Hot work is work involving electric or gas welding, torch cutting, grinding, brazing, or similar flame or spark-producing operations. OSHA 1910.252
Fire prevention and protection requirements Implemented prior to beginning the hot work operations Date(s) authorized for hot work Identify the object on which hot work is to be performed Permit shall be kept on file until completion of the hot work operations.
Permit Authorizing Individual – Inspects hot work site before starting Hot Work Operators – Perform hot work operations Fire Watch – is posted to monitor safe operations Designated Area – Location approved for hot work operations.
All entrances and exits clear Correct poor housekeeping practices Use appropriate shielding of flammable surfaces Keep work area free of unnecessary combustible materials Do not use flammable degreasing agents Monitor the atmosphere-<10 % of Lower Explosive Limit (LEL)
All workers should know the location of the fire fighting equipment in their area. Fire extinguishers are checked monthly Mark empty fire extinguisher with “empty” and never return empty extinguisher to its fire station. All fire extinguishers should be inspected on an annual basis by a certified company. All workers should receive training before using fire extinguishing equipment. If Fire Watch determines fire may grow beyond control- emergency services must be contacted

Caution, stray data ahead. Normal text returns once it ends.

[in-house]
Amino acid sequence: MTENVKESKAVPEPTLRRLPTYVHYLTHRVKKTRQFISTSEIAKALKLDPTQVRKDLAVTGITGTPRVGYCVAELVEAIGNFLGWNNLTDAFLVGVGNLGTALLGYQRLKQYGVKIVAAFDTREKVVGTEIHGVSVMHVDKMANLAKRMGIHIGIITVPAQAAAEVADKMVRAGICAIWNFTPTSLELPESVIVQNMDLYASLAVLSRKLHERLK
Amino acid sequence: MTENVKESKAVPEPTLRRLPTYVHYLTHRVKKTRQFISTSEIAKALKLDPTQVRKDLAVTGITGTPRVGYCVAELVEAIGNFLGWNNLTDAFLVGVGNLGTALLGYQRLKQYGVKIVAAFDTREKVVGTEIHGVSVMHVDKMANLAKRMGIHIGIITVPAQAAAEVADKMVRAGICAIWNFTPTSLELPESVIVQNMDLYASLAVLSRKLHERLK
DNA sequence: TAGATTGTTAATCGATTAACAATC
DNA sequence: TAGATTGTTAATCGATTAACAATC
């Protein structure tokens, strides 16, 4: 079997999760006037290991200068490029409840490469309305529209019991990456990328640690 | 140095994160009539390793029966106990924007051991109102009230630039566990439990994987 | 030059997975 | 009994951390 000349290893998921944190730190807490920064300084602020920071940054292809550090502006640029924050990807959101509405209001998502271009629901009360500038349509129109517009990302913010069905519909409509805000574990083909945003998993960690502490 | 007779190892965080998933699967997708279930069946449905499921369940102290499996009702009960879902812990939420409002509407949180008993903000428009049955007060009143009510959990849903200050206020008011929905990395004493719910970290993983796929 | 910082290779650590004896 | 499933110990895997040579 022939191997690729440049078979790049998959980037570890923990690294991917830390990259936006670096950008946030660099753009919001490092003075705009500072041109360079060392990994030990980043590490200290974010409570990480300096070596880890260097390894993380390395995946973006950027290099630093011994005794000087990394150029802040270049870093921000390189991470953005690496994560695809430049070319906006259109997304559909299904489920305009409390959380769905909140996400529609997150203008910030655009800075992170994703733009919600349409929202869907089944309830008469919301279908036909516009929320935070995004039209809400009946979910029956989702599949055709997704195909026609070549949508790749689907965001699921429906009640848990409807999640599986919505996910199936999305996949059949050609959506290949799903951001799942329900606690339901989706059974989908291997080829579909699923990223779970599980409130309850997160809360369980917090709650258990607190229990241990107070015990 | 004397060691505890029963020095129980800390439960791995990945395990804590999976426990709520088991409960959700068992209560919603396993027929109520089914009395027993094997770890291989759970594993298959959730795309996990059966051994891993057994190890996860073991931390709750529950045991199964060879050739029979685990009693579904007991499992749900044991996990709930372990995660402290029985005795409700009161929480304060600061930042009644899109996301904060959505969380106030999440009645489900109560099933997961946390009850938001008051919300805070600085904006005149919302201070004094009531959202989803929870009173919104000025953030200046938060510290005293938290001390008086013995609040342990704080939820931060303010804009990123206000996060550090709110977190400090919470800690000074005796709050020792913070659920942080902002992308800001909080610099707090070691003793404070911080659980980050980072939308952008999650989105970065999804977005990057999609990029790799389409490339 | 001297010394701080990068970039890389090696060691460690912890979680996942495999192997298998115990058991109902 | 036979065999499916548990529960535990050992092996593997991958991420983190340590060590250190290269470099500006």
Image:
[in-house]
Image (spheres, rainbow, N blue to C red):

Hot zone- inside permit space Warm zone – outside occupied by attendant personnel Cold or support zone – equipment and supplies Barricades and barriers Shields and railings
Discussed: Relationship of safe work practices with process safety standard Described job hazard analysis process Described lockout tagout requirements and procedures Described confined space requirements and procedures Reviewed line breaking hazards and steps Described requirements and permitting for hot work